Gun in car w/ SC CWP - Page 2
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Thread: Gun in car w/ SC CWP

  1. #11
    Join Date
    Apr 2008
    Location
    The Lowcountry, SC
    Posts
    5
    Quote Originally Posted by Creeker View Post
    I don't get the difficulty.

    State Law allows anyone (legal to own one, of course) to carry a pistol in a closed container within their vehicle.

    You don't need a CCW to legally carry your firearm within your vehicle in a container.

    As a Cop for 23 years, and a Crime Scene/Property Tech for 17, I returned many firearms to owners inside of a closed brown paper bag.

    Feel free to await an "official ruling" from the Atty General while you lock up your safety at home.
    The difficulty for me is the ponderous, double-speak language of the law. I'm an English teacher, so I'm at least semi-literate, but having never attended law school, the legal explanation is like an ancient riddle. Obviously, I'm not alone...Seems like we are still at least a little vague.

    BTW,nothing will be "locked at home..." Gun will travel regardless.

    I believe I will skip the under-seat drawer and cover the weapon with a clean cloth on the passenger seat when I'm driving in the 'hood (most of Charleston.) I will keep it in console under normal driving circumstances... Thanks for the input, everybody. Wherever your gun is in the car, be safe.
    Ed
    Macy8---Ruger LCP, Ruger SR9, G36, G27, Ruger GP-100, S&W 642, Walther P-38, , HK 12gauge and a big-ass wrench.

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  3. #12
    The law has read "closed container" for years.

    The "closed container" has never been defined as far as I've ever known.

    Outside of an Inventory of your vehicle or some other circumstances, a LEO cannot go into a closed container outside of a Search warrant.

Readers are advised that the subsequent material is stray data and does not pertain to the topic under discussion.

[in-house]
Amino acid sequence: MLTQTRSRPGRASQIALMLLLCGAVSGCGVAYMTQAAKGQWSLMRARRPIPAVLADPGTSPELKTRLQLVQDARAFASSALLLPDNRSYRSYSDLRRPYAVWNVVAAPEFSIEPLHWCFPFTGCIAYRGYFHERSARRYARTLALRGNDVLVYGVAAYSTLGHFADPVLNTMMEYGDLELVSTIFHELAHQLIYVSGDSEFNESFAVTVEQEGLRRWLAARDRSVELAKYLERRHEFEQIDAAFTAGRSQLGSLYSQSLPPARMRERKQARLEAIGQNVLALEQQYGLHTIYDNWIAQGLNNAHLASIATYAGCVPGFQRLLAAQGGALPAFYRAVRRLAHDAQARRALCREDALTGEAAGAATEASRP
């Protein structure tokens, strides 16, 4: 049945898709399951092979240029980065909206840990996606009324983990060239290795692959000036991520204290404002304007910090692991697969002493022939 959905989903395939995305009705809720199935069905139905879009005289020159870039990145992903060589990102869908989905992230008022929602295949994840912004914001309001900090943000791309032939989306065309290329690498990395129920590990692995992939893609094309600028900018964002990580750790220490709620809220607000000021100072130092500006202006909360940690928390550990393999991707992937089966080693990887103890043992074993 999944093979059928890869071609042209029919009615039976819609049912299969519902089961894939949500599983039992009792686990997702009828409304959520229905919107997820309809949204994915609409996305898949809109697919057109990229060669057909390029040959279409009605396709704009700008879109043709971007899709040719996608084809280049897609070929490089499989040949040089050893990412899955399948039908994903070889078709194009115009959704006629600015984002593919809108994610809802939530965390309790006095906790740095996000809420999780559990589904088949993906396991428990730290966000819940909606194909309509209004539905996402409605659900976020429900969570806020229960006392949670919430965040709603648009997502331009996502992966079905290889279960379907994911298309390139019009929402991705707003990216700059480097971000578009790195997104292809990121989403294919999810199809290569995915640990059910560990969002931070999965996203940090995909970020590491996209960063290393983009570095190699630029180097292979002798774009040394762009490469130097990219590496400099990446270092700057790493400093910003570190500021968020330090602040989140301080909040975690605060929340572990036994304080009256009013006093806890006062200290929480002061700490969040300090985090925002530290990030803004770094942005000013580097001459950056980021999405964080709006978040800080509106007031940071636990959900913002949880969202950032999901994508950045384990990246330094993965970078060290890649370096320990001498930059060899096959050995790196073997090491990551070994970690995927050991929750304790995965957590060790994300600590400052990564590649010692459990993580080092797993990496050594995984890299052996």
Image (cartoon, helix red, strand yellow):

I'd prefer that you not carry it under a rag on your seat, just for the simple safety issue alone. I don't care how conscientous you are, you will at some point need to get out of your car (gas pump?) and forget all about it, or create a stir when you accidentally display it while you are securing it.
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  4. #13
    Quote Originally Posted by Creeker View Post
    The law has read "closed container" for years.

    The "closed container" has never been defined as far as I've ever known.

    Outside of an Inventory of your vehicle or some other circumstances, a LEO cannot go into a closed container outside of a Search warrant.

    I'd prefer that you not carry it under a rag on your seat, just for the simple safety issue alone. I don't care how conscientous you are, you will at some point need to get out of your car (gas pump?) and forget all about it, or create a stir when you accidentally display it while you are securing it.
    Actually the closed container was defined by the AG about 25 years ago and as far as I know still followed. The local Captain of the HIghway Patrol spoke at our safety meeting many years ago and said that the closed container was a latched satchel. This means any case with some kind of latching mechanism even a zipper. It does not have to be locked but only latched. As long as something besides gravity holds it closed then it meets the requirements but a brown paper bag would not. This is only for the container definition so whateve else is called for be careful.

  5. #14
    My biggest problems with this whole legaleze thing is two fold: